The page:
In her second "CBS Evening News" interview with Katie Couric, Sarah Palin was asked why she didn’t get a passport until 2006. Did it, as some of her viewers wonder, show a lack of curiousity and interest about the world and other cultures?
She told the CBS newsperson that she had to work, sometimes two jobs, and that’s why she didn’t backpack around Europe like privileged kids do.
"I’m not one of those who maybe come from a background of, you know, kids who perhaps graduated college and their parents get them a passport and a backpack and say, ‘Go off and travel the world.’ Noooo. I worked all my life. In fact, I usually had two jobs all my life, until I had kids. … I was not part of, I guess, that culture."
Turns out she’s not the only one without wanderlust or the abiity to travel.
According to a 2007 report in USA Today, only 74 million Americans have valid passports. This figure may have increased now that a passport is required for travel to Mexico.
According to a 2007 count, the U.S. population is 281 million. That means a surprisingly small percentage of American citizens travel outside the country. And now that the value of the dollar has dropped so drastically, foreign travel is likely to take a hit.
But let’s talk about Palin being able to see Russia from her house. The Alaska governor rolled her eyes when discussing how her comment "I can see Russia from my house," was, as Couric put it, "mocked" by reporters.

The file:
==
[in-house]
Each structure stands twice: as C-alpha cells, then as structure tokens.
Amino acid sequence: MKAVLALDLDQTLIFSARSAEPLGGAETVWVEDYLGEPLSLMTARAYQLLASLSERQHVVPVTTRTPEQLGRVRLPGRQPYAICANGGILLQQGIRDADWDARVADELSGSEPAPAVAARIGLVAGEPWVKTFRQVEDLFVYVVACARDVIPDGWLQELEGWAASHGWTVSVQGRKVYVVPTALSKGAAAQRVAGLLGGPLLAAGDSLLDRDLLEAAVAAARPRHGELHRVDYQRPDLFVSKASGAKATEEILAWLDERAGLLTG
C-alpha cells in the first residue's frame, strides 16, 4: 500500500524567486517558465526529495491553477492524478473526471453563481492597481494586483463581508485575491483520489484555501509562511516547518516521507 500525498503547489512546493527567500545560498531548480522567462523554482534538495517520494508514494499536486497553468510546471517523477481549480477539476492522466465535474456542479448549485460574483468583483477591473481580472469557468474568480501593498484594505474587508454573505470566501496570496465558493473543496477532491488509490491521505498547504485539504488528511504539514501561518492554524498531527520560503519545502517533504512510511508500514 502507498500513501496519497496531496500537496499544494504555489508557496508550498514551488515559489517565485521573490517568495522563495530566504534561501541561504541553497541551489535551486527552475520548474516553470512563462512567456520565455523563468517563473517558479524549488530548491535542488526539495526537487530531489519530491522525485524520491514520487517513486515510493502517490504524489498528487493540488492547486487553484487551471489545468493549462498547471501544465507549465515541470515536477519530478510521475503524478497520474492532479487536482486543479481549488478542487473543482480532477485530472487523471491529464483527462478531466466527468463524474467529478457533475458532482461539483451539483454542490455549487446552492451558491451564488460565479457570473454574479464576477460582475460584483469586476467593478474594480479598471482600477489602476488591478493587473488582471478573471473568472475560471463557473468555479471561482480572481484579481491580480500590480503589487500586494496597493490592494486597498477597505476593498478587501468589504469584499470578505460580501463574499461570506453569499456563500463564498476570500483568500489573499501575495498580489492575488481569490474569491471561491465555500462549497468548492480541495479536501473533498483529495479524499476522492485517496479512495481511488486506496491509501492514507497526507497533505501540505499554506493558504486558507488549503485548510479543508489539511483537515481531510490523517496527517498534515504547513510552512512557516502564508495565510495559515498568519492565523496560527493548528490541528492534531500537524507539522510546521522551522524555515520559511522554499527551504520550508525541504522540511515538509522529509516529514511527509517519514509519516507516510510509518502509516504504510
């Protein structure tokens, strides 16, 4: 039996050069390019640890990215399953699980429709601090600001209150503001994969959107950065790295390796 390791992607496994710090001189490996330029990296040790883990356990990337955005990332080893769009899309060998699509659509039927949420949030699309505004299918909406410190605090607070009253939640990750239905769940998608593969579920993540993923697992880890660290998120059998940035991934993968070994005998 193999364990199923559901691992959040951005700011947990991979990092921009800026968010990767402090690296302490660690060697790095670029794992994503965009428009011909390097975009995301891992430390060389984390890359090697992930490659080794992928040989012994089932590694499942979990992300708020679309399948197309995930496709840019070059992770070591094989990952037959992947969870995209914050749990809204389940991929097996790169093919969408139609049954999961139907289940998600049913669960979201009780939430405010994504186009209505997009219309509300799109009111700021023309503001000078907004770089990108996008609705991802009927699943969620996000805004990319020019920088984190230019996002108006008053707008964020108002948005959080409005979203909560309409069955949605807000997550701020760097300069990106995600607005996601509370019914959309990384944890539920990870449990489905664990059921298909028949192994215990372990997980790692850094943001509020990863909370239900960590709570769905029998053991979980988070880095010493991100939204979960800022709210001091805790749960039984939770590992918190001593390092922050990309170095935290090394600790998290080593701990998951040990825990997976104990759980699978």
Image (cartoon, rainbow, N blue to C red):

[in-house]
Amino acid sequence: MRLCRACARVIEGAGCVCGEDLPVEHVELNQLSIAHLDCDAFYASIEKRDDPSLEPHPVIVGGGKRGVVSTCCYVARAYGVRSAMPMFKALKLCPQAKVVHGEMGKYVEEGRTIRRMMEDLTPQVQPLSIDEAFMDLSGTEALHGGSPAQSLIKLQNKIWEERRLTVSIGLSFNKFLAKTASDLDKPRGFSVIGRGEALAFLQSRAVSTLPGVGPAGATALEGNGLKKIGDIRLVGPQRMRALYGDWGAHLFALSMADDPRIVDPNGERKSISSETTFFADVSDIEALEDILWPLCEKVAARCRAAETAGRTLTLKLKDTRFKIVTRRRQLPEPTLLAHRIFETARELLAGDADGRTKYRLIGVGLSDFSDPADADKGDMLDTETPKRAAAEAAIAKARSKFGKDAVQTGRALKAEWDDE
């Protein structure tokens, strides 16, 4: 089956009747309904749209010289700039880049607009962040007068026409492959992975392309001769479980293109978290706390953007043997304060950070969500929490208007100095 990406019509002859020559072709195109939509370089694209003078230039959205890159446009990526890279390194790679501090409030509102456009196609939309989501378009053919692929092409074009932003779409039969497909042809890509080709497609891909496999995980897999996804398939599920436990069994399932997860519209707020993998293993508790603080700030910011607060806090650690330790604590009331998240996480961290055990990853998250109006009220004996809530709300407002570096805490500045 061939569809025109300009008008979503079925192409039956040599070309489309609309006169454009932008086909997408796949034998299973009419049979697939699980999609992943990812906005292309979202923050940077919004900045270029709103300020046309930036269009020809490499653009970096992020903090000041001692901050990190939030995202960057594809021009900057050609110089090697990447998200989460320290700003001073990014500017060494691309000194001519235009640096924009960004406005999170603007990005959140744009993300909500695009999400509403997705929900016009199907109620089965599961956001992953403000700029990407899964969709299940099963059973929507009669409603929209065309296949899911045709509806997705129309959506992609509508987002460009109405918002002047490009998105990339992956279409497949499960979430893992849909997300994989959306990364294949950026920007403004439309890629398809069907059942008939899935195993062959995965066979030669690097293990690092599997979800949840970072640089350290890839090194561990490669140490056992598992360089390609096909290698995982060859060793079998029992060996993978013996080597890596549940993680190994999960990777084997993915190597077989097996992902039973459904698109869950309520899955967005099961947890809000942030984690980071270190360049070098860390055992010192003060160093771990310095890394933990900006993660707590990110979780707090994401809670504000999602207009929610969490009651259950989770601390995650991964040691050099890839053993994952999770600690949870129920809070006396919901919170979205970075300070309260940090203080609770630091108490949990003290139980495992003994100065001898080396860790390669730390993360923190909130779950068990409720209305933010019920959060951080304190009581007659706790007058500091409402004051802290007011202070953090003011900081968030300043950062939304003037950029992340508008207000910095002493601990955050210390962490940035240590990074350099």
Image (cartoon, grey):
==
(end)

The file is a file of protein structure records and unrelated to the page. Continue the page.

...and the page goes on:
Couric pressed, asking why Russia’s visibility enhances her foreign policy credentials.
]]>"Well, it certainly does," Palin replied. "Our next-door neighbors are foreign countries, there in the state that I am the executive of."
Has she ever been involved in any negotiations with the Russians?
"We have trade missions back and forth, we do" said Palin. "It’s very important when you consider even national security issues with Russia. As Putin rears his head and comes into the airspace of the United States of America, where do they go? It’s Alaska. It’s just right over the border. It is from Alaska that we send those out to make sure that an eye is being kept on this very powerful nation, Russia, because they are right there, they are right next to our state. "
What did you think of Palin’s Russian view? Do you have a passport? Does traveling outside the U.S. change a person’s worldview?
Is it important for a vice president — for all US citizens — to travel to foreign countries and understand their diverse cultures and our place in the world?
To read the full transcript and see the complete video interviews, click HERE.